The different release techniques in high level archery: A comparative case study
The muscle-contraction strategy between the predominant forearm and pull finger used in archery is defined as a response to the fall of the "clicker" by active contraction of the m. extensor digitorum (MED) and the gradual relaxation of the m. flexor digitorum superficialis (MFDS). However, there are no studies regarding whether different finger placement techniques on the bowstring have an effect on proper balance between the forearm flexor/extensor muscles. This different hook strategy (upper two fingers, lower two fingers, and three finger hook) may affect isometric contraction before the snap of the clicker, which is thought to have positive effects on archer performance (muscle activation and balance). The purpose of this study is to make a more detailed analysis of the different hook strategy performed by a particular top-level archer and to consider the advantages this strategy may have on bowstring behavior after release. A high-level archer (FITA scores > 1300) volunteered to participate in this study. The subject engaged in a single test session consisting of six shots. The electromyography (EMG) activity of the drawing arm muscle was quantified. The finger hook has affected isometric contraction before the snap of the clicker and caused sudden contraction of extensor, gradually relaxation of flexor muscles. The study results found that this three finger hook strategy can be used in the drawing arm with success, as it may avoid causing a lateral deflection of the bowstring.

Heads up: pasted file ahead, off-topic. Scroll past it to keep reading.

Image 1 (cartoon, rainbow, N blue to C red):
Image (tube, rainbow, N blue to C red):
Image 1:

© Copyright 2014 Turkish Journal of Sport and Exercise. Selcuk University. All rights reserved.
|Subjects:||archery technique movement precision analysis elite sport high performance sport EMG muscle activation relation performance capacity|
|Published in:||Turkish Journal of Sport and Exercise|